Faster recovery lowers borrowing requirement for central government

Press release 27 lokakuuta 2021

Sweden's economy and central government finances are recovering faster than expected from the pandemic. The central government borrowing requirement thereby decreases further, and the Swedish National Debt Office is reducing its bond borrowing in both kronor and foreign currency. The central government debt shifts downwards this year and will continue to decrease in 2022 and 2023.

The economic recovery has been surprisingly strong so far this year and will gain further momentum after the removal of the pandemic restrictions. We also see a brighter situation in the labour market, despite expecting only a slow decrease in the number of long-term unemployed," says Debt Office Director General Hans Lindblad.

The Debt Office is raising the forecast for GDP growth this year to 4.2 per cent, after which it expects a gradual return to more normal levels. Household consumption and investment by companies are the main drivers of the growth.

Inflation is a factor of uncertainty. If the recent increase in inflation is sustained longer than expected, this could lead to higher interest rates and lower growth than in the forecast. The Debt Office's forecast is, however, that the increase in inflation will be temporary.

Central government budget balance already shows surplus this year

The good economic development helps to boost central government finances. The Debt Office now expects the budget balance to already be positive this year. The surpluses then continue to grow during the forecast period. This entails a strengthening of the budget balance by altogether SEK 55 billion for 2021 and 2022.

The upward revision of the budget balance is mainly due to higher income from taxes but also to the fact that expenditure will be lower. During all three forecast years, the repayment by the Riksbank of foreign currency loans at the Debt Office accounts for a large part of the surpluses. Disbursements of funds from the EU's Recovery and Resilience Facility also have a positive impact in 2022 and 2023.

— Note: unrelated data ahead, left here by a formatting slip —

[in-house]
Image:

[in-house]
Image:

Forecast for Swedish economy and central government finances
Previous forecast (May 2021) in parentheses2020 outcome20212022 2023

GDP growth (%)


4.2 (3.5) 

3.5 (3.7)


Unemployment (% of labour force)


8.8 (8.7)

7.6 (7.7)


Budget balance (SEK billion)


22 (-4)

94 (65)


Budget balance excluding on-lending to the Riksbank


-35 (-60)

33 (4)


Central government net lending (SEK billion)


-93 (-103)

 -3 (-31)


Central government net lending

(% of GDP)


-1.8 (-2.0)

0.0 (-0.6)


Central government debt (SEK billion)


1,248 (1,283)

1,155 (1,221)


Central government debt (% of GDP)


23 (25)

21 (22)


Maastricht debt (% of GDP)


38 (39)

35 (36)


Supply of government securities decreases

The raised forecast of the budget balance means that there is a lower central government borrowing requirement. The Debt Office is therefore cancelling the bond issuance in foreign currency planned for this year and is reducing the supply of nominal government bonds in the regular auctions. The short-term borrowing will also be somewhat lower than in the previous borrowing plan. The Debt Office is also reducing the borrowing in inflation-linked bonds in order to steer the share of inflation-linked debt towards the long-term target of 20 per cent.

Central government  borrowing, SEK billion
Previous forecast (May 2021) in parentheses2020 outcome20212022 2023

Nominal government bonds


83 (85)

50 (70)


Inflation-linked bonds


21 (21)

 13 (21)


Green bonds


0 (0)

0 (0)  


Treasury bills (stock at year-end)


120 (138)

183 (183)


Foreign currency bonds


 0 (17)

18 (17)


–      on behalf of the Riksbank


0 (0)

0 (0)


–      for central government


0 (17)

18 (17)


Central government debt shifts downwards after last year’s increase

The central government debt is expected to decrease from SEK 1,280 billion at the end of 2020, to SEK 1,248 billion this year. The debt then continues to decrease during the forecast period. As a share of GDP, the central government debt decreases from 26 per cent last year to 18 per cent at the end of 2023.

The debt for the entire public sector according to the Maastricht measure is expected to decrease from 40 per cent of GDP at the end of 2020 to 32 per cent at the end of 2023. The Maastricht debt thereby shifts from the upper to the lower part of the range of the so-called debt anchor in the fiscal policy framework, which is 35 per cent of GDP (±5 percentage points).

Report: Central Government Borrowing – Forecast and Analysis 2021:3

The report will be presented at an online press conference today, 27 October, at 10:00 a.m.

Follow the live stream of the press conference here (in Swedish)

Journalists will be able to send in questions via to be answered during the press conference. The code will be presented in a slide during the live stream. For further information or interview inquiries, contact the Debt Office's press function: +46 (0) 8 613 47 01,

The preliminary publishing date for Central Government Borrowing – Forecast and Analysis 2022:1 is 24 February 2022.